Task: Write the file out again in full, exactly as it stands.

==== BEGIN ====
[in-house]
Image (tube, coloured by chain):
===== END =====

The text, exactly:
[in-house]
Image (tube, coloured by chain):